The value of the basic voucher in 2021 and later years would be set equal to the average cost of benefits for a Medicare enrollee back in 2012 (net of premiums), increased by the annual rate of growth of gross domestic product (GDP) per capita plus one percentage point.  This formula would likely produce little budgetary savings, at least initially, since the recent health reform legislation (the Affordable Care Act, or ACA) already limits the growth of Medicare spending per beneficiary to the rate of growth of GDP per capita plus one percentage point starting in 2018. [4] 

Nonetheless, for several reasons, many beneficiaries would find that their voucher would not allow them to purchase a package of benefits comparable to that which Medicare now provides.  First, privatizing Medicare (as the proposal would do) would tend to raise health costs, since traditional Medicare generally pays less to providers and incurs lower administrative expenses than private insurance.   When the new arrangement begins in 2021, a 65-year-old would receive a voucher worth around $6,000 (in 2011 terms), but private insurance is likely to cost significantly more than that amount plus current medicare premiums, which average $1,700 a year.  As a result, according to the Congressional Budget Office, “Voucher recipients would probably have to purchase less extensive coverage or pay higher premiums than they would under current law.”[5]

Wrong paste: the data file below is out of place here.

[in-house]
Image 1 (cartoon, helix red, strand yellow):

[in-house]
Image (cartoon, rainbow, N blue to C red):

Second, insurers would be allowed to charge older and sicker Medicare beneficiaries higher premiums.  Medicare would endeavor to adjust each person’s already inadequate voucher annually to reflect his or her health status, with those in poorer health receiving a larger voucher and those in better health getting a smaller one.[6]  But since risk adjustment is highly imperfect, the adjustments to the voucher are likely to be insufficient to cover the higher premiums that insurers would charge to sicker people.  In addition, insurers would surely attempt to shun enrollees in poor health (who cost much more), as private plans do today in the Medicare Advantage program.

Third, the Ryan-Rivlin proposal sets no specific benefit standards for the private plans offered in the Medicare Exchange.  The plans would therefore likely vary widely, presenting a potentially bewildering set of choices to many people who are very old or frail.  Seniors and people with disabilities would receive only whatever benefits they could afford to purchase with their voucher and personal resources.